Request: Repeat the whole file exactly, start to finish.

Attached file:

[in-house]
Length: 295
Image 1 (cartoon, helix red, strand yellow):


[in-house]
Length: 295
Image 1 (cartoon, helix red, strand yellow):